Final report
First official draft available for comments
Links to important documents and further information

Browsing and Matching (scoping)

What it is all about

Today's society in on its way from a traditionally production-based economy to a knowledge-based economy. The process cannot be stopped.

The European Commission's action plan on Europe's way to the information society outlines some of the major developments in this field and recommends steps to be undertaken to prepare Europe for this challenge.

Obviously, the Information Society is not only about information, not even only about access to information, it is also about locating relevant information.

In many ways, information retrieval is the Web revolution's neglected child. Even the otherwise excellent Information Society Glossary does not refer to this crucial topic.

Of course, search engines, portal sites, and indexing services do exist. However, in contrast to many of the other topics in this field, the question of locating information involves not only international standards, but also specifically European, national, regional, social, and even personal factors. Many of these issues are related to Europe's multilingual and multicultural heritage which European institutions, including standards bodies such as CEN/TC304 "European localization requirements", must strive to protect.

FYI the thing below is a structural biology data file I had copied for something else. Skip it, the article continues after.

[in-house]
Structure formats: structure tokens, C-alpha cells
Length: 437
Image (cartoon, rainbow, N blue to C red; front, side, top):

The issues encompass points such as:

The task soon becomes more ambitious. Human readers will naturally recognize that sing, sang, sung are just three tenses of the very same verb, just as #.öil and yeux differ only with respect to number. They will also not mix the German word Boot with its English homograph of completely different meaning, whereas they understand at once that Pericles, Perikles and #g+Periklh̃w#g- are really one and the same person and that browsing and scanning can be synonyms in some contexts but not in others.

For English with its fairly limited number of irregular verbs and its otherwise rather regular construction of derived forms some of these problems can still be dealt with relatively easily in comparison with most other European languages where word formation is more complex. While no speedy solution is to be expected, these issues must be tackled for the benefit of all non-English speakers in Europe.

Ignoring the European factor is not only contrary to the Commissions stated aim to safeguard Europe's plurality, it also means that European users will be lagging behind in the quest for information.

Important documents and information